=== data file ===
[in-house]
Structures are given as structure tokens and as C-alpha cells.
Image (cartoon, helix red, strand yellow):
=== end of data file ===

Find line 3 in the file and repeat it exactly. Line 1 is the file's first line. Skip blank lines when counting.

Image (cartoon, helix red, strand yellow):